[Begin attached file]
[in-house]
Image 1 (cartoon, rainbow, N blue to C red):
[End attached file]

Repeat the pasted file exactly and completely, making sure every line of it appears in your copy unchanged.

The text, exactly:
[in-house]
Image 1 (cartoon, rainbow, N blue to C red):